Pine needle tea

Honora Bowen, Pine needle tea

*If you like this recipe, you may like this free downloadable book: Tree Medicine for Our Human Family 

While the United States is struggling with how to deal with 2019 novel coronovirus disease, and the CDC and WHO are warning that this has become a global pandemic, and Congressional doctors are warning that 70 million to 150 million people in the United States may contract the virus, and the death rate is estimated to be between 1% and 3.4%, I wanted to write about pine needle tea and how you can use it as a defense for viral infections as well as the respiratory symptoms that arise in most coronavirus cases.

Pine needle tea is an expectorant and a decongestant, which means that it will loosen up mucus not just in your sinuses, but in your lungs, and it will help that mucus naturally rise up so you can spit it out.

Although most people who are hospitalized for coronavirus are over the age of 50, there are also certain high-risk groups of people and that includes people with asthma (who already deal with closed airways and extra mucus production), people with cardiovascular issues, and people who are immunocompromised. Smokers are considered higher risk as well, possibly 14x more likely to progress to life-threatening pneumonia if they contract coronavirus.

A cup of pine needle tea is estimated to have substantially more vitamin C than an orange. Older pine needles have more vitamin C than young needles. New pine needles are slightly denser in vitamin C than oranges; one-year-old needles have twice as much vitamin C, and two-year-old needles have about 3.5 times more.

I like to add other ingredients such as white willow bark, which contains Salicin (similar to Aspirin’s primary compound, acetylsalicylic acid) and is anti-inflammatory and pain-relieving; astragalus root, (an adaptogen with antioxidants, antibacterial, anti-inflammatory, and antiviral properties); and rose hips (high in vitamin C, anti-inflammatory, antioxidant), which are featured with pine needles in the photo above.

It is very difficult to mess up a simple pot of pine needle tea, and pine trees exist all over the world. So as long as you remember this very important fact: you can use pine needles from any pine tree, EXCEPT for Yew (genus Taxus), and you need to avoid Yew pine (Podocarpus macrophylla) as well as Norfolk Island pine (Araucana heterophylla). Additionally, pine needle tea may be contraindicated for pregnant women, as pine needles are considered (mild) abortifacients, meaning that they can cause a woman to abort.

My favorite pine to use is Cedar, mixed with other pine needles such as Jeffrey, Spruce, Sugar, etc, whatever you can find. I’ve made pine needle tea in one-person camping pots (such as for a video I once sent to Naked and Afraid after being contacted by a casting director in 2014), and I’ve made pine needle tea for six people in a massive stainless steel pot meant for large dishes.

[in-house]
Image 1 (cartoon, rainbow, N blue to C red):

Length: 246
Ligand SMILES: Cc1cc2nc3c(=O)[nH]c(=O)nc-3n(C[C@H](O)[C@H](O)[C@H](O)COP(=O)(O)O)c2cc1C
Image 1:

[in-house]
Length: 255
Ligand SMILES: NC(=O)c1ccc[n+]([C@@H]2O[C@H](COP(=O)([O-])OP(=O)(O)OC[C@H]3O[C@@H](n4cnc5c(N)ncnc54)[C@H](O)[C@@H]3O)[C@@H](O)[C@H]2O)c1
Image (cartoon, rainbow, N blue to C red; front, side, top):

How to make pine needle tea:

1) Gather about 1/4 cup of pine needles per cup of water.

*Try to be conscientious when you take anything directly from a tree. Never gather from young or sparse trees that will be affected from your harvest, and never take more than three sprigs from a single plant. Always give thanks to the plant for providing for you. An alternative is that you can look for fallen sprigs that are still green and attached to branches. Those are still alive but won’t affect a living plant if you take them.

2) Place the pine needles in the pot of water and cook on a low heat, so that the water does not simmer or boil.

* You do not want to overheat the water because it will release bitter terpenes and reduce the nutritional composition of the plant material.

3) Keep the water on low heat for upwards of an hour.

* The longer it sits, the stronger the tea will get. You can keep the tea in the fridge for a few days, but I recommend straining it after 24-hours so that it keeps longer. Serve the tea with honey or plain, or however you like to drink tea.

 

A final note about this tea: I have been a certified herbalist (herbologist) since 2006. I specialize in both internal and external plant medicines and have received certifications from Princeton Consumer Research for external plant-medicine based applications. I’ve been interested in plant medicine since I was a child, and have continuously depended on my own plant knowledge to treat chronic pain and an autoimmune disease. I also have had a seemingly endless list of injuries that has led me to deal with regular migraines and pain (such as a 400-foot fall down a Yosemite gully on my snowboard), and I understand fully what it feels like to be dependent on something such as Ibuprofen. However, there is a common misconception, and it is untrue, that all pharmaceuticals are more efficient or powerful (or safe) than plant medicines. For instance, white willow bark tea is just as powerful as 800 mg of Ibuprofen for me, and that says a lot. While I still carry around Ibuprofen, I prefer tea because I know exactly what is in it, and it is just as effective. Pine needle tea generally starts working after the first cup, but I recommend making enough so that you can drink at least three over the course of a day or two, if not more.

 

 

4 thoughts on “Pine needle tea

  1. Luxi Turna

    Honora it is SO cool that you knew all that, and even cooler that you posted it as a public service!

    How about a post telling what you do these days? Work? Play? Camping? Also maybe how you got into primitive survival.

    I sure hope you publish your book.

    Like

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